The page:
While you will never see a rider at the Tour de France on a different brand of bicycle from his teammates, shoes are a different matter. Since fit is such an individualized matter, and comfort at the foot-to-pedal junction is essential, teams will occasionally let riders wear something besides what the team sponsor provides.
The other critical touchpoint of course is the saddle; we have shown a few examples of riders on Selle Italia-sponsored teams using Specialized, or Specialized-sponsored riders using Fizik. With shoes and saddles there isn't a universal solution; it's all about what fits each rider best.
Here, we take a look at some of the unique and interesting shoes on the feet of the Tour de France peloton.
In addition to non-sponsor correct shoes or special-graphic editions, we also spotted at least three models that are not yet available. Bontrager's lace-up shoe, believed to be called the Classique, made an appearance, as did what looks to be the successor to Shimano's R320 shoe. Perhaps to be called the R321, the Shimano shoe features two Velcro straps and a ratcheting strap with the opposite orientation to that of the R320. True to Shimano's form, the company declined to comment on the shoe. “Shimano is constantly working to improve its product," said Shimano spokesman Nick Legan. "Shimano athletes often test prototypes in competition as a part of the development process.”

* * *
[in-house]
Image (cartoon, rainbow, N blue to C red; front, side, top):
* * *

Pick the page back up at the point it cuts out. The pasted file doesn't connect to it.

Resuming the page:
Most of the Trek Factory Racing riders on using Bontrager's new XXX shoe. But at least one rider is on what looks to be a new version of the XXX LE shoe, a three-Velcro-strap model. As with Shimano, Bontrager declined to divulge any details.
Next-edition Bontrager XXX LE shoes?
"We race to win. We race to learn. New product comes out of that," said Bontrager marketing spokesman Sam Foos. "These shoes are not final, and we have no timeline to publish as of yet."
Trek's Frank Scheck is racing in some oddly modified Bontrager shoes, which Foos declined to explain, beyond saying that "it is a long story".
Finally, Sierra custom carbon shoes popped up on a couple of AG2R-La Mondiale riders. Frenchman Jean-Stephan Sierra began making rollerblade boots back in 1994, and later moved into cycling footwear. His custom rollerblade boots sell for €750, and the cycling shoes go for €510.
Click through the gallery above for a closer look at these special shoes.
Sylvain Chavanel's blank Specialized S-Works shoes